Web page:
But we needed something to break open. Because white culture as a whole needed to wake up. We needed to understand as a country where we came from. And take a good hard look at where we were going. Countries are born, mature, age, and have a spiritual life, the same way people do. And America is just a babe.

The New Age is over. Or middle-aged at best. Like ybonesy said, plugging into Catholic saints – it might be a leftover New Age thing. But Catholicism came from Judaism, didn’t it?  Many of the mystics broke off with their own brand of religion. Their own New Age. Agree or disagree, we are all connected. Whether we want to be or not.

Being a writer is not so much about comfort. As it is about truth. We can each only write our own truths. Different cultures have different truths, different histories. And a straight woman is never going to know what it was like to grow up lesbian. Or a straight man know what it’s like to grow up gay.  But shouldn’t we still ask the hard questions? To hide those things in our writing would be a sin.

Thursday, March 22nd, 2007

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It was a Friday morning in late July, 2004, when I left for Taos. And it was my birthday. I spent the whole day travelling. I blasted Joni Mitchell out of the Alpine as I drove down I-35 through southern Minnesota, tipped my hat to the Hawkeyes in northern Iowa, and bowed to the sandhill cranes as I hurtled across the Platte River plains of eastern Nebraska.

I travelled all day Saturday, too. shooting under a vibrant sunrise near the Hampton Inn in Kearney, Nebraska. And I sat paralyzed as metronomic wipers slapped time to a vengeful thunderstorm south of Denver. Blinding sheets of rain pelted the pavement so hard I had to stop under an overpass until the turbulence died down.

The storm made me late to meet Wordraw.

I remember sitting in the Camry behind torrents of streaming water, fanning my breath away from the steamy glass. Since I was stuck, it seemed like a good time to call Wordraw. But instead of a soothing connection, his deep voice was barely audible, buried under crackle and static –

“Hello, this is Wordraw….crakcakcak, ssssshhh, or leave your number and I’ll call you back as tickkkpoptic soon as I can.”


I lost service after the 10th word and stared helplessly at the phone. It was worthless. I threw it in my leather bag, then turned to wipe the window clear with my sleeve. Cars slowed to a crawl, nearly hitting each other as they vied for position to get off the road. Hail the size of melons hit the highway in a fury and pingponged 6 inches off the macadam.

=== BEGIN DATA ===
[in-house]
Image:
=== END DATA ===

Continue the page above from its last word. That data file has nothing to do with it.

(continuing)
Aroused, the Over and Underworld gods exploded in electric tension between thunderous cracks. I jumped high off the seat. It was time for a rumble.

I’d be lying if I told you I wasn’t scared.

Storms on the passes in Colorado put the fear of god in me. They strike in every season. And seem more violent than the disturbances I remember in the 70’s when I lived in western Montana at the geological point where five valleys collide. Or the swollen summer sky that broke open in 1992, flooding our campsite (swallowing my Eureka dome tent) near an arroyo in New Mexico.

The No. 9 cloud is the culprit, the fluffy cumulonimbus.

People speculate that the saying “walking on cloud 9” may have originated from the National Weather Service’s fanciful and popular No. 9 cloud. I rather like to think the phrase was inspired by the Beatle’s Revolution #9. Or the Norman Whitfield penned, Grammy winning 1969 rendering of the Temptation’s Cloud 9.

You can’t grow up in the hometown of James Brown, Godfather of Soul, and not be inspired by late 60’s funkadelic. I can hear the backbeat now – “Cloud 9! – ba boom ba ba boomp ba boomp ba boomp boomp ba”.

Music to my ears.

When I arrived at Taos Plaza late Saturday, I didn’t know it was Fiesta. It was dark. I took the back way in and found my way to the La Fonda’s pock marked parking lot and chain-link fence. The Taos De La Fonda Hotel is the only hotel in the Plaza. That night it was packed with restless people and rust-less vintage cars.